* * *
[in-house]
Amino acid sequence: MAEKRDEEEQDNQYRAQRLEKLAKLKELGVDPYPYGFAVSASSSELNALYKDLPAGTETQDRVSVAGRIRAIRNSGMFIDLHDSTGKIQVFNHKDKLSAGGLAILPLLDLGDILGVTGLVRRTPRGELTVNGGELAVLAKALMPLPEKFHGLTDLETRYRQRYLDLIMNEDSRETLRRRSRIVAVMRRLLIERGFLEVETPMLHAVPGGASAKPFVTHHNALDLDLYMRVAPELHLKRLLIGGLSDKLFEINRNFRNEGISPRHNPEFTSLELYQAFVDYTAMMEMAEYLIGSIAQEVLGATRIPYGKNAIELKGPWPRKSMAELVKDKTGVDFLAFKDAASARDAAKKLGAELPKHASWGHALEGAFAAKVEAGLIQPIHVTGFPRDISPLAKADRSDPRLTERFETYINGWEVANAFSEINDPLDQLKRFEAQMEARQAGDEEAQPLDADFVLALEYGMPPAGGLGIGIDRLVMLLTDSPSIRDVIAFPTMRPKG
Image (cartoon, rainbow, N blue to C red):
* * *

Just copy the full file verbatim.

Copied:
[in-house]
Amino acid sequence: MAEKRDEEEQDNQYRAQRLEKLAKLKELGVDPYPYGFAVSASSSELNALYKDLPAGTETQDRVSVAGRIRAIRNSGMFIDLHDSTGKIQVFNHKDKLSAGGLAILPLLDLGDILGVTGLVRRTPRGELTVNGGELAVLAKALMPLPEKFHGLTDLETRYRQRYLDLIMNEDSRETLRRRSRIVAVMRRLLIERGFLEVETPMLHAVPGGASAKPFVTHHNALDLDLYMRVAPELHLKRLLIGGLSDKLFEINRNFRNEGISPRHNPEFTSLELYQAFVDYTAMMEMAEYLIGSIAQEVLGATRIPYGKNAIELKGPWPRKSMAELVKDKTGVDFLAFKDAASARDAAKKLGAELPKHASWGHALEGAFAAKVEAGLIQPIHVTGFPRDISPLAKADRSDPRLTERFETYINGWEVANAFSEINDPLDQLKRFEAQMEARQAGDEEAQPLDADFVLALEYGMPPAGGLGIGIDRLVMLLTDSPSIRDVIAFPTMRPKG
Image (cartoon, rainbow, N blue to C red):